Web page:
Winter's Rest

a poem

Trebled echoes winter’s most beloved rest,

whose bosom comforts upon my country,

in her cool and chaste refrain of peace born,

ever skyward the utterance victory won.


I am all colors, angry and deadly,

unfinished, untold, unspoken and forlorn.

A broken cry from within the stone well,

cradled in the bowels of Eden’s lush.


Never cry, little one, don’t breathe easy,

the air that surrounds your innocence found,

ripe upon your entering this world not yours,

or you will lose the nature of your right.


Never see the blinding tangles of life,

flashing materials superficial,

glances, only momentary huddles,

promising faded hues and plates of salt.


I am less worm, wrinkled without mend,

and bruised history ringed in segments short,

but more refined in trails moistened slithers,

more … less a worm than more a man walking.


And there, a decaying giant burns deeply,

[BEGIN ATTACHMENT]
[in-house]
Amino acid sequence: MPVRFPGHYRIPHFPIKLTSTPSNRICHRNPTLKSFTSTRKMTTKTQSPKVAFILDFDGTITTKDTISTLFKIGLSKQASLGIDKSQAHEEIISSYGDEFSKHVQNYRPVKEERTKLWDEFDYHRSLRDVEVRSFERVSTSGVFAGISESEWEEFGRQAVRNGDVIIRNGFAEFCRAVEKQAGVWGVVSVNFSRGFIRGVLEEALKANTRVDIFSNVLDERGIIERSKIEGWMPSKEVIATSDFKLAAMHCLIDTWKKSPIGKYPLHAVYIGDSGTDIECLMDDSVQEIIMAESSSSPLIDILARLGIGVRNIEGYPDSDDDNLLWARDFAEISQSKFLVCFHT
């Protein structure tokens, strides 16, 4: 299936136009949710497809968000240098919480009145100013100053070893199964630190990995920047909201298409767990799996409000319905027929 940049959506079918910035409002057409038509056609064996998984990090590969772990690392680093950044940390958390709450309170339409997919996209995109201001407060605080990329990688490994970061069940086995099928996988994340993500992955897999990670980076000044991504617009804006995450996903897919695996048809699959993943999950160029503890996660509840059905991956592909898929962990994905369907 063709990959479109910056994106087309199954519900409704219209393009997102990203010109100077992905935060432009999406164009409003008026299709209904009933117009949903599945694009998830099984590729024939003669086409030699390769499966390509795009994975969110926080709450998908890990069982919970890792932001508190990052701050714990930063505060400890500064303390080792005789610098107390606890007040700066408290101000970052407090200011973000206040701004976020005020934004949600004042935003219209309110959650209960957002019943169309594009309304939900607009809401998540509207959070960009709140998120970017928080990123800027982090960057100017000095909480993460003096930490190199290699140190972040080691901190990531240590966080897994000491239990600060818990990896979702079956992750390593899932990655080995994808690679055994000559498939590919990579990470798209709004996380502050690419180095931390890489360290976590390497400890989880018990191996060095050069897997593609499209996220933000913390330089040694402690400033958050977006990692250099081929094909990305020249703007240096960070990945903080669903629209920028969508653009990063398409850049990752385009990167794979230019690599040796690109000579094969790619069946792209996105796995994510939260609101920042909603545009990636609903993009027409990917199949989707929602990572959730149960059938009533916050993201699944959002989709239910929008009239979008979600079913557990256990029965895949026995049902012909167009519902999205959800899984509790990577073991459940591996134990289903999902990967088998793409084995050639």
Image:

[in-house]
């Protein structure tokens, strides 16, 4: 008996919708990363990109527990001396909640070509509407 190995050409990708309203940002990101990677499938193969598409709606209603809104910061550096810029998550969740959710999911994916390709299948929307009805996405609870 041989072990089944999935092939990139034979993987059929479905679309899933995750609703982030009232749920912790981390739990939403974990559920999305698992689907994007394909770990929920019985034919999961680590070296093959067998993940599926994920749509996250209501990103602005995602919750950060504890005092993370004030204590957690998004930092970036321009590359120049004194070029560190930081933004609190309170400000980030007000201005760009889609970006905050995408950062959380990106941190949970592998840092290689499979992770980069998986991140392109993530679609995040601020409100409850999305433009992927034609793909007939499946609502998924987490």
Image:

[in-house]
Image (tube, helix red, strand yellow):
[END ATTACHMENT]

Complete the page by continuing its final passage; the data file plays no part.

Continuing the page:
scarring memories once beautiful.

His teeth yellowed, gritting with sweat salty,

there, meeting my lips, his stubbled chin.


Knuckles cold and winter hardened, nails crusted,

into my neck with fists burrowed into my ribs,

blood rushing into my head, the pendulum buckle,

grating against my teeth with his salty taste.


Then fading, I wish for simple things arising,

from subtle deeds, whispers telling such beauty,

far away, a reflecting sun on frost-heavy grass,

melting at the ease of my breath on a winter’s rest.      

The End

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